Sexuality decisions:
Contraceptives vs. No contraceptives
Consistent-Effective vs. Sporadic- Ineffective
Difference due to:
lack of knowledge about reproduction and contraception
little access to family planning and health services
lack of preparation for protected sexual encounter
Feelings of invulnerability also result in the belief that pregnancy could never happen to them which lead to ineffective contraceptive use among teens.
2012
Teen Births: 305,388
Costs to taxpayers associated with teen childbearing: $9.4 billion
Change in teen birth rate from 1991: -52%
Change in teen birth rate from 2011: -6%
Number of Teen Births by Race/Ethnicity
Non-Hispanic White: 119,757
Non-Hispanic Black: 71,286
Hispanic: 102,722
Asian: 5,529
Compared with higher income women (White), low-income women are less likely to use birth control or terminate an unintended pregnancy than women from any other racial group.
Unintended pregnancies are higher among poor, lower-income, minority communities.
The unintended pregnancy rate among only sexually active teens is more than double the rate of among all women.
Thus, a considerable portion of teenage mothers, Black and/or Hispanic, are poor and are more likely to be dependent on welfare. funding.
Proportion of Teen Births by Age
Under 15: 1%
15-17: 28%
18-19: 71%

Demographics
Social Issues linked to teenage pregnancy
CAUTION
GRAPHIC IMAGE AHEAD!
SEX EDUCATION IN SCHOOLS
The Argument for Abstinence Only Education

Having the highest rate of teenage pregnancy and sexually transmitted diseases among developed nations, the U.S. government supports abstinence only education in an effort to reduce rates.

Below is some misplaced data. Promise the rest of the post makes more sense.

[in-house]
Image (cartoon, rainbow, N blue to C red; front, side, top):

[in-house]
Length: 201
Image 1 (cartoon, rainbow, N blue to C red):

The U.S. federal government funded $176 million dollars in 2006 and 2007.
Under federal government funding, most abstinence only programs cannot include any information about safe-sex practices.
Teaching teens about safe-sex use will send mixed signals and actually encourage promiscuous activity leading to pregnancy.


Less than half of teen mothers (age 17 and younger) graduate from high school, and fewer than 2% earn a college degree by the age of 30.
Children of teen mothers are more likely to be born prematurely and at low birth weight and are twice as likely to suffer abuse and neglect than children born to older mothers.
2/3 of families begun by a young unmarried mother are poor.
Daughters of teen mothers are more likely to become teen mothers themselves than daughters born to older women.
Children of teen mothers are 50% more likely to repeat a grade and less likely to complete high school than the children of older mothers; they also score lower on standardized tests.
Teen childbearing in the United States costs taxpayers (federal, state, and local) at least $9.1 billion in a single year.


← Black, Hispanic and low-income teens are particularly unlikely to have received education on birth control before they first have sex
CHART
The reality of abstinence only
educations across the states
CHART
what makes
abstinence only education ineffective?
Abstinence only education withholds information
Abstinence only education promotes abstinence through fear of STDS, romanticizing sex and marriage, and teaching scientifically incorrect information

Obamacare & Birth Control
VIDEO CLIP
quick tip:
how to properly put on a condom
controversial ads
Trends among teen pregnancy rates in 2005 showed that rates averaged 48.1 pregnancies per 1000 white teens, 103.7 pregnancies per 1000 black teens, and 141.6 pregnancies per 1000 hispanic teens.

Education level is not correlated with teen pregnancy rates, but is positively correlated with teen abortion rates and negatively correlated with teen birth rates. These pregnancy and birth rates show that white teens are less likely to become pregnant and follow through with the pregnancy.

The trends among teens can be explained by studies that have shown richer states that “tend to have a higher proportion of white teens in their teen populations, tend to emphasize abstinence less, and tend to have lower teen pregnancy and birth rates than poorer states”(Hall, Stanger-Hall).

PREGNANCY AMONG TEENS
CHART
references
“Another Chance: Preventing Additional Births to Teen Mothers.” (2004). Washington, D.C.: National Campaign to Prevent Teen and Unplanned Pregnancy. Web.
Birth Control Coverage and Health Care Reform: FAQ. (n.d.). WebMD. Retrieved April 25, 2014, from
http://www.webmd.com/health-insurance/aca-birth-control-coverage